Pessimisme over tijdpad afronding EU-Grondwet (en)

Met dank overgenomen van EUobserver (EUOBSERVER), gepubliceerd op maandag 17 mei 2004, 20:11.
Auteur: | By Honor Mahony

EUOBSERVER / BRUSSELS - As the list of issues still to be agreed next month on the Constitution grows, some EU ministers have expressed concern about whether member states' self-imposed timetable will be kept.

Foreign ministers meeting in Brussels on Monday (17 May) saw no final agreement on several issues - including some where the Irish EU Presidency thought agreement was a foregone conclusion.

The practical effect is that Dublin has to go back to the drawing board on some questions just one month before EU leaders are meant to finalise the whole document.

Team presidency agreed

While there appeared to be consensus on a new three-country team presidency system to lead the EU, there was less agreement on budget issues and whether the European Court of Justice should have say over the excessive deficit procedure under the euro rules.

There was also no agreement on the common commercial policy where the Swedes and the Finns - backed up by Denmark, Estonia and Slovakia - made a call for the policy not to apply to social affairs, education, culture and health.

The fact that there was little progress once again today made some ministers openly question the timetable - which foresees that negotiations are wrapped up by 18 June.

Belgian foreign minister Louis Michel said "At this stage one should be able to see where the little space of elasticity is, or where one could pass [to have an agreement] on the positions that are not fundamental - but I do not sense that".

He added: "I do not know whether it will be possible for certain [countries] to soften their position before the European elections".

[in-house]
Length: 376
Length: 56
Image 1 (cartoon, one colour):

UK foreign secretary Jack Straw was equally downbeat. Speaking on Monday morning he did not rule out that the timetable might slip back from the Irish Presidency into the Dutch Presidency which takes over the EU reins on 1 July.

"There is always that possibility. I will make no promises. We live in hope".

The Polish foreign minister, Wlodzimierz Cimoszewicz, also made a bleak forecast saying "If it goes on like that, I would not bet on an agreement".

Poland itself is a cause for concern among other EU member states as its uncertain domestic political situation may mean the government will not have the mandate to negotiate on the Constitution.

The spirit of compromise

The Irish Presidency, however, refused to be drawn on the possibility that the timetable may be overshot.

Irish foreign minister Brian Cowen spoke of a "spirit of compromise". He added that based on the discussions so far, foreign ministers "will meet the responsibilities" that have been given to them.

One EU diplomat remarked that member states were playing to the domestic audience by making these pessimistic comments.

"I was in the room and the atmosphere was definitely very positive", claimed the diplomat.


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